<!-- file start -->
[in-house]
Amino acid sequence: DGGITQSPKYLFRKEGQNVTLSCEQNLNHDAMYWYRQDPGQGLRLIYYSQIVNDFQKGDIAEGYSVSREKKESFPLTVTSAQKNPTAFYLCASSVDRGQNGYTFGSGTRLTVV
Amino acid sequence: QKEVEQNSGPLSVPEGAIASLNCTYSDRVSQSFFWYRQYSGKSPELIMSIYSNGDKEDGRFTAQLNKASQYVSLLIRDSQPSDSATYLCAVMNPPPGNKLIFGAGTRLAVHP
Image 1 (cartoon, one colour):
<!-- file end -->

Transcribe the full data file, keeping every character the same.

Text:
[in-house]
Amino acid sequence: DGGITQSPKYLFRKEGQNVTLSCEQNLNHDAMYWYRQDPGQGLRLIYYSQIVNDFQKGDIAEGYSVSREKKESFPLTVTSAQKNPTAFYLCASSVDRGQNGYTFGSGTRLTVV
Amino acid sequence: QKEVEQNSGPLSVPEGAIASLNCTYSDRVSQSFFWYRQYSGKSPELIMSIYSNGDKEDGRFTAQLNKASQYVSLLIRDSQPSDSATYLCAVMNPPPGNKLIFGAGTRLAVHP
Image 1 (cartoon, one colour):